If you have the money, paying back an 84-month auto loan early can help you save on the total amount of interest you’ll pay. But some lenders charge prepayment penalties (fees for paying off all or some of a loan early), so if you’re thinking of going this route, check the terms of your loan agreement.
You may owe more than your car is worth
Since a new car starts losing value the moment you drive it off the lot, an 84-month auto car loan can also put you at higher risk of going upside down on your loan.
That means you may end up with negative equity — owing more than your car is worth. In that case, if you want or need to sell your car before it’s paid off, you may not break even, much less turn a profit.
And if your car gets totaled in an accident before it’s paid off, the insurer (depending on your policy) may only cover the book value of the car — very possibly an amount less than what you owe. Even if the car isn’t drivable, you could still be responsible for making the monthly payments until it’s paid off.
You may need repairs while you still have a loan
You may also have to pay for repairs at some point while paying down your seven-year loan. This is because many new cars come with basic warranties that span four to five years and powertrain warranties that last five or six years. If your warranty expires before you pay off your car and something goes wrong, you may need to pay for those repairs on top of your car payment.
That said, many people do choose longer loans. For example, 42.2% of used-car shoppers took out 61- to 72-month loans, while 18.1% extended their terms between 73 and 84 months, according to 2018 data from the credit bureau Experian.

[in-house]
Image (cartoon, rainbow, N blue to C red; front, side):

If you bought a 5-year-old car with an 84-month loan, your car would be 12 years old and could need some sort of repairs by the time you paid it off.
Alternatives to an 84-month car loan
There are a number of alternatives to 84-month car loans that could help you save money in the long run. Let’s take a closer look at some of them.
- Lease a car. If you’re thinking about taking out an 84-month car loan because you’d like lower monthly payments, leasing from a car dealer could be the way to go. Since lease payments are based on a car’s depreciation during the time you’re driving it instead of the purchase price, leasing may come with lower monthly payments.
- Select a more affordable used car. It may be tempting to take out an 84-month loan for your brand-new dream car — but if that means big financial hardship, you should consider a used car that costs less.
- Save for a larger down payment. The more money you put down on a car, the less you’ll have to finance and the lower your monthly loan payments may be. Taking the time to save for a larger down payment could allow you to take out a shorter loan term and still enjoy lower monthly payments.
If you’re asking yourself whether getting an 84-month auto loan is a good idea, consider all of the financial risks involved. You’ll likely have to pay more interest over the life of your loan, and you could still be paying for the car if major repairs are needed or an accident happens down the road.
Before you apply for an 84-month auto loan, think about how it may affect your financial future and be sure to consider the alternatives.